Joe Betts-LaCroix began as a scientist at Harvard, MIT, and Caltech. He was part of a three-person team at Caltech that first elucidated the factors governing electron-tunneling rates in proteins, which is published in journals such as Science and JACS, with over 1000 citations so far. His first venture-funded startup, OQO, created the world’s smallest windows computer (Guinness world record 2006) with a team of 110 people, more than 100 patents, and over 10,000 units sold; and was sold to Google...
Longevity Investor & Philanthropist. Founder, AgingBiotech.info. Karl Pfleger, PhD (Stanford CS, Machine Learning) now focuses on aging & longevity after a successful tech career (mySimon, Google). A long-time donor to the Buck Institute and SENS Foundation, he is also an angel investor who has backed over 15 aging-related startups. He is the creator of AgingBiotech.info, a free public resource to track the commercialization progress of the aging biotech sector and related information.
Professor of Biogerontological Engineering Deputy Associate Dean (Enterprise) University Genetically Modified Organisms Officer. Research Interests: - stem cell aging & stem cell function in aging - interface of immunology and stem cell function - cellular pathology in age-related neurodegeneration & Alzheimer’s Disease - improving cryopreservation of cells & tissues - inducing pluripotency & partial reprogramming - improving stem cell function in vivo automated systems for cell & tissue production - quality control assays for aged cells delivery tools for cell-based therapies
PhD Student at Harvard Medical School. Since you ‘cannot change what you cannot measure’, Brad endeavors to bring accessible, affordable, and scientifically sound aging biomarkers to the general public. As a researcher, Brad investigates these age-associated changes — epigenetic methylation marks — looking for why they accompany such profound, unprecedented consequences, in both naturally aged tissue and reprogrammed cells.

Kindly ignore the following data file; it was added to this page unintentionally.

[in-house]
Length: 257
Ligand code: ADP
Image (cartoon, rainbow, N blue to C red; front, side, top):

What is the most undervalued area for longevity progress we should pursue?
ECM Aging is vastly understudied and incredibly important. It is upstream of 6 hallmarks of aging, involved in major causes of death like cardiovascular disease and cancer, and plays a large part in looking and feeling old. There are no appropriate tools to measure and intervene.
Where are we today? Where would we like to be?
Short term – build connections between existing ECM and aging biologists. Medium term – build tools and prioritization. Long term – create interventions for ECM rejuvenation.
What public and private actions have the biggest impact on those goals?
We should fund ECM x Aging experts, create progress on an aging ECM platform, and build interventions on this platform to demonstrate rejuvenation.
What people, funding, resources, experiments would be required to test this hypothesis?
Create a SENS ECM workshop ($10k), a Biotech Connection Bay Area research project ($10k), propose an Impetus grant category for ECM, and improve the ECM node on the Longevity Tech Tree